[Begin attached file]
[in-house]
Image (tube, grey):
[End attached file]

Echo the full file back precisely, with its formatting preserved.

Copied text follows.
[in-house]
Image (tube, grey):